A "follow-up" market crash could be coming.
I don't mean to scare you, but it's only a matter of time...
The past two happened like clockwork -- seven years apart. One happened just before 2001, after the dot-com burst. The other came with a vengeance in 2008, right after the housing collapse.
It's getting close to another seven years... so what about this time?
Are we headed for a "follow-up" market crash?
The very idea of losing more than half of your invested wealth in a market downturn is daunting.
Market analysts claim to know exactly where the market is going, and act like they know exactly when to buy or sell stocks. But how many analysts do you remember saying months before the 2008 financial crisis that the market was going to go down by 57%? Can you name one?
And look at mutual fund managers' records. According to Standard and Poor's, just 14% of actively managed mutual funds have beaten the market over the past three years. The other 86% of them fail at beating the market, yet we pay them millions in fees every year and trust them to protect and grow our hard-earned money. Did even one mutual fund help its investors avoid the crash?
We all wish we had a crystal ball to tell us when the next crash will happen so we could prepare. And while no such thing exists, I've stumbled upon something that comes close...
To see what I mean, let's go back to six years ago. We all remember that 2008 was a horrible year for the market.
The SP 500 lost one-third of its value... $16.4 trillion washed away... and several big banks needed a bailout just to survive.
But that wasn't the story for one company.
Not only did it not need a bailout, as The Economist says, it "was something of an antidote."
It was so well-prepared for the crash that J.P. Morgan Chase, Morgan Stanley, AIG, and many more all came asking for help. So did the U.S. Treasury, Greece, and Great Britain.
As reporter Suzanna Andrews wrote at the time:
This company "did more than merely survive the wreckage unscathed. Indeed, it is hard to argue that anyone, or any firm on Wall Street, gained as much stature from the economic crisis."
How was it so well-prepared for the market crash? Believe it or not, it can "predict" what's going to happen in the economy with amazing accuracy.
Everything from what will happen if a big bank collapses, how a worldwide flu pandemic will affect the market, or even what will happen if interest rates skyrocket.
So when the 2008 market crisis came, it was better-prepared than anyone else.
And because this company can "see opportunities" before others -- as it claims -- it's become the most trusted firm in the world.
That's why within 48 hours of the Bear Stearns collapse, New York Fed President Timothy Geithner was on the phone with this company's CEO asking for help.
I first mentioned this company a few months ago in a previous issue of Dividend Opportunities.
It's an investment firm that controls $4 trillion in assets (or an estimated 7% of the entire world's investments). It accurately anticipated the 2008 crisis months before it hit, protecting its clients from huge losses. And yet, very few individual investors even know it exists.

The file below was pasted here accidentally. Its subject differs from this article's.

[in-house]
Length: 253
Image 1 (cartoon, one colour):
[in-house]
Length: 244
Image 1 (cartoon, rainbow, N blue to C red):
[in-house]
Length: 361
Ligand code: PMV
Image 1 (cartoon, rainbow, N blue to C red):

I want to emphasize that while this company seems similar to perhaps every other large financial firm, it carries one major technological advantage.
It uses "predictive analysis" software.
This software is revolutionary. It's the exact same technology that Google and a handful of other companies use to "see into the future" -- and they're making a truckload of money because of it.
For example, using what it calls "up-selling," Amazon's system is able to recognize from your purchase the next item you will likely buy and "up-sell" you that product on the spot. This predictive analytics tool brings in an estimated $20 billion a year.
Another company named Farecast can predict whether the price of an airline ticket will go up or down. This service is accurate 75% of the time and is saving travelers $50 per ticket, on average.
And I'm sure you're well aware that Google's shares have skyrocketed over 800% in the past 10 years, in part due to predictive analytics. And Amazon has beaten the market by a factor of nine, as you can see in this chart...
Beyond these, there are several other "under the radar" companies performing predictive analysis that most folks have never heard of.
I've known about them long before they were on anyone's radar. I've walked their halls, spoken with their executives, and had one-on-one meetings with key personnel.
They're also posting some stellar returns. One is up 92% since 2012. Another soared 131% in 2013. And one early, early pioneer is up 21,300% since 1988.
Imagine what could happen if you applied this same technology to the stock market.
Imagine knowing how to respond to a 2008-level market crash, seeing the early warning signs of a recession before everyone else, or even foreseeing which sectors are likely to soar the highest over the next year...
These are the sorts of events that the little-known, $4-trillion financial firm I told you about earlier is predicting as we speak -- with amazing accuracy.
The company's technology helped prevent huge losses for its clients since 2008, which helped shares return over 500% in the past decade. Meanwhile, the firm has also used its large cash hoard to grow its dividend an incredible 800% in just 10 years.
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